‘Hundreds Of Underused Or Overcrowded Tenancies’


Screengrab of an interactive graph created by Dublin Inquirer

This morning.

In the Dublin Inquirer

Lois Kapila reports:

Hundreds of Dublin City Council-owned homes are overcrowded, while hundreds of others remain underused, council figures suggest.

….Of the one-bedroom council homes in the Dublin City Council area, 111 have three or more people living in them.

For two-beds, 243 have six or more people living in them. For three-beds, 46 have nine or more people living in them. For four-beds, four households have 12 or more people living in them.

At the other end of the spectrum, there are homes that are emptier. For three-beds, 823 have only one person living in them. For four-beds, 113 have one person in them, and 232 have two people in them.

“The bottom line is that there are hundreds of underused or overcrowded tenancies or homes where Dublin City Council is the landlord,” Cuffe said.

…“It’s a minefield this whole issue,” says Cuffe. “We’ve seen huge controversy in the UK, where taxation was proposed on empty bedrooms. I don’t think we should go down that road.”

“But at a time when we have tens of thousands of homeless people in the city, we do have to look at a better use of the limited housing stock that we have,” he says.

Hundreds of Council Homes are Overcrowded, While Others Are Underused, Figures Show (Lois Kapila, Dublin Inquirer)

17 thoughts on “‘Hundreds Of Underused Or Overcrowded Tenancies’

  1. ollie

    Good old Broadsheet, publish half an article to suit a certain agenda.
    I have an idea, let’s forcibly evict all those who are underusing a house, maybe start with the President who lives in a house wth 95 rooms.

    1. millie st murderlark

      Well if you don’t like the political leanings you’re free to jog on and find somewhere a bit more to your taste.

      I’m sure you’d be missed.

        1. millie st murderlark


          I keep breaking my own new year’s resolution to not be such a snarky bitch. Harder than it looks.

    2. George

      Maybe they could be relocated to accommodation that is of a more suitable size. That is not eviction.

    3. scottser

      nobody is suggesting ‘forcibly evicting’ anyone in a council tenancy based on occupant numbers. however, it is a sensible proposition that given a housing allocation is based on an assessment of housing need, that the assessment of need does not end once a tenancy is given. housing need should be continuous in a tenancy and if someone doesn’t need a three bed they should be downsized to a one or two bed. lkewise, a single person who is currently allocated a one bed can be transferred to a larger unit if their need changes to include more family – why can’t it work the other way around?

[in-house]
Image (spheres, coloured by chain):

2. anne

    How do you go about turfing single people out of what may have been the family home then, because it has a few bedrooms?

    1. Rob_G

      Offer them an alternative council property that is better suited to their needs?

      If a family is living in a council property that is too small for them, the council would (ideally) move them to a larger property; I don’t see why they should not do the same when a property is too big for someone’s needs, either.

  3. Junkface

    The overcrowding in small homes looks the most dangerous revelation from this. If an apartment building went on fire, with many overcrowded apartments it could be a disaster. Do Irish people have confidence in the Fire safety standards of their buildings? I hope they are being brought up to code if not.

  4. Amorphous Kerry Blob

    I’m subscribed to the Dublin Inquirer. As you might expect from my name, I’m not resident in Dublin.
    That might sound a tad strange, but that’s how good I think the publication is.

  5. Worlds Biggest Ranter

    If only life was that simple.

    My mother is one of these people living alone in a three bed property in a Dublin location. She’d love to move to something smaller but unfortunately A) smaller does not mean cheaper in the area she lives and B) through consequence of past Gov policy, should she want to live closer to me, it involves moving 40 miles from Dublin to a place she doesn’t call or doesn’t want to call home with poorer facilities & long journeys to visit friends and family. There is absolutely no incentive for her to relinquish that three bedroom home.

    1. George

      The article concerns properties being let by DCC. As the landlord they set the price so smaller could of course mean cheaper in the circumstances discussed here.

    1. Cian

      So they just move the homeless people into the homes of people with an empty bedroom.
      boom. problem solved.

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